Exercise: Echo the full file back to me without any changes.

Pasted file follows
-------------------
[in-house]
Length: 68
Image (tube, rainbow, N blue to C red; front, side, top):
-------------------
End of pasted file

[in-house]
Length: 68
Image (tube, rainbow, N blue to C red; front, side, top):